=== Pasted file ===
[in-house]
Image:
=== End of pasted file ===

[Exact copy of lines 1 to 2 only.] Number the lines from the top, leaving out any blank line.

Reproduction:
[in-house]
Image: